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This study aimed to determine contraceptive utilisation among mothers aged 18–49 years old in Ajman, United Arab Emirates (UAE).
This cross-sectional study was carried out from May to November 2013. A total of 400 participants were recruited from two primary healthcare centres and one private hospital in Ajman. An interviewer-administered validated questionnaire was used for data collection.
The frequency of previous and current contraceptive use was 68.0% and 61.8%, respectively. Expatriates more frequently used contraceptives in comparison to Emiratis (77.3% versus 54.3%, respectively). Contraceptive use increased significantly with age (75.5% among >35-year-olds versus 57.3% among ≤25-year-olds; P <0.050) and education level (83.3% among postgraduates versus 60.0% among those with primary education; P <0.050). In addition, contraceptive use was significantly higher among those living in a nuclear family system (P <0.050). A univariate analysis indicated significant associations between contraceptive use and age, nationality, education level, type of family system, employment sector, parity, knowledge of birth control measures and source of birth control information (P <0.050 each). However, no significant associations were found via multivariate analysis.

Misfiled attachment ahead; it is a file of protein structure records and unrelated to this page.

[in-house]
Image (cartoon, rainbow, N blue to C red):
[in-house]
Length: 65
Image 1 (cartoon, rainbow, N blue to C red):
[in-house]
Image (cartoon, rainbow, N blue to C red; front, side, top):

Healthcare practitioners can play a pivotal role in providing contraceptive advice which could lead to an improvement in contraceptive utilisation. Efforts are recommended to raise awareness regarding newer forms of contraceptives among mothers of reproductive age in the UAE.
Advances in Knowledge
Application to Patient Care
A time period of two years is recommended between births to prevent adverse pregnancy outcomes and to aid optimal child growth.1 Contraceptives are family planning methods which can help individuals to control the timing, birth spacing and number of children they have, as necessary.1 Different methods of contraception exist with various benefits and drawbacks to each; an ideal contraceptive method is considered safe, effective, non-permanent, easy to use and affordable.2–4 Recently, high-quality family welfare programmes have been established in order to make contraception available, accessible, affordable and acceptable.5,6 At the World Summit of 2005, various countries pledged their commitment to achieving universal access to reproductive healthcare by 2015; however, these goals are still far from being fully realised, with an estimated 143 million women worldwide still lacking access to contraception.7 Population growth rates in less developed countries are greater than those of more developed countries, due in part to a lack of access to reproductive healthcare services.2